Property Division in Divorce
Learn About Equitable Distribution Laws In Georgia
Marital Property & Marital Assets
What Is Marital Property?
Marital property subject to equitable distribution in a divorce includes virtually everything a couple owns. There are some exceptions; however this is generally limited to pre-marital assets. In a Georgia divorce both real property and personal property can be considered for dividing between the spouses. Real property is real estate such as your primary residence, vacation home, land and commercial property. Personal property includes virtually all other property and assets such as investment accounts, pensions, autos, motorcycles, boats, furniture, jewelry, guns, collections, art, and more.
Equitable Distribution Laws
Equitable distribution does not mean equal distribution. When the divorcing parties cannot reach an agreement on property division the court can take control of the situation and determine how property will be distributed. There are several factors which are considered to arrive at what constitutes “equitable distribution”. Factors ranging from value of all property, economic conditions, duration of marriage, and contributions by spouses during the marriage and other elements are crucial in determining property distribution.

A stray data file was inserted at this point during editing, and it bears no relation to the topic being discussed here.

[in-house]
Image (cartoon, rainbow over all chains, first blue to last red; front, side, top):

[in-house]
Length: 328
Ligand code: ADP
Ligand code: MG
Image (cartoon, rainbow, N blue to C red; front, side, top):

Property Subject To Equitable Distribution
All marital property (real or personal property acquired during the marriage) is subject to distribution. Even gifts given between spouses are subject to division if the gifts were purchased with marital funds. Pensions, retirement funds and business interests are also considered marital property if they were created or acquired during the marriage. Your divorce settlement can solidify the terms and physical distribution of real and most personal property. The division of pensions, retirement funds and certain investments usually requires a Qualified Domestic Relation Order (QDRO).
Property Not Subject To Equitable Distribution
Property brought into the marriage is not subject to division in a divorce. This includes real and personal property which was owned prior to becoming married.